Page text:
You’ve done the steps needed to build a successful corporate wellness program and it's time to launch. Employees are ready to engage, and leadership is excited to see the results and return on investment. But how exactly are you going to determine if your program is a success? The answer is, data. Without it you’ll be in the dark about who is participating, how they’re participating and any progress being made by your employees.
Like any initiative that is implemented within your company, you need to track its effectiveness and redirect efforts as needed. In the case of corporate wellness, merely providing the benefit will not yield the results you want. In an article written by Wellness Council of America (WELCOA), they cite the United State Chamber of Commerce labor and wellness report stating, “metrics developed to determine program effectiveness should include both Return on Investment (ROI) and Value of Investment (VOI). In general, ROI involves assessing the organization’s medical claims to see if the well-being program is producing quantitative changes, and VOI evaluates results such as higher workplace productivity, reduced absenteeism, or increased employee morale and satisfaction.” Consider the following metrics you’ll want to know in detail that only data-driven analysis can provide:
Know who is participating, which teams/divisions are involved and how often the benefits are being accessed. Many of the programs you incorporate should provide an interface for admins to see this information in easy-to-see data points and reports that can be pulled as needed.
In whatever way you choose to do it, whether manually or through a digital solution, polling feedback through surveys and in-person follow-ups will provide a detailed temperature reading of how employees feel about the program(s), what they enjoy the most, what they wish was offered and more. This kind of feedback allows program managers to continually assess the effectiveness and adjust as needed.
Productivity and performance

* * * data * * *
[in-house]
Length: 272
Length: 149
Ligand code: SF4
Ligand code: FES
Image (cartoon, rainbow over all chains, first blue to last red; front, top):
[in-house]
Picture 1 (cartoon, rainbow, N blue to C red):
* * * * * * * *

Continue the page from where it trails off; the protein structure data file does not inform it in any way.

While these key indicators may be more difficult to pinpoint and track, you can choose variables that you want to keep tabs on with the help of management including sick days, goal tracking/job performance measures, job-related engagement, etc. Again, while you won’t be able to directly connect the results to wellness programs, you can begin tracking these areas to determine a trend and determine some indirect causation based on employee involvement with the wellness benefits.
Some companies can track progress with more high-risk conditions like diabetes, blood pressure obesity, etc. through healthcare-related metrics like hospital visits, doctor visits, prescriptions, etc. An article in the Harvard Business Review was highlighted in a post from SHRM about recognizing health-related ROI. It found, “Every dollar invested in the intervention yielded $6 in health care savings.” This was based on a significant decrease in medical claim costs per person. As you identify your high-risk employees and their involvement with relevant wellness programs, tracking these metrics will give insight into the effectiveness of the benefits you provide and the increased health of your employees.
Data tracking and management is critical to the success of your wellness program. Referring again to WELCOA’s article, “By leveraging data throughout the development, implementation and maintenance of workplace well-being programs, it’s possible to positively impact both the health of the workforce and the organization’s bottom line.”
Learn more about the robust set of metrics you’ll have access to with the implementation of ClassPass as part of your corporate wellness programs.